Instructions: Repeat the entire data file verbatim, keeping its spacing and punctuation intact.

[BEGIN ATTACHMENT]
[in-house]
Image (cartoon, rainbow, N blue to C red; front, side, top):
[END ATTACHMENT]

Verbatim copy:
[in-house]
Image (cartoon, rainbow, N blue to C red; front, side, top):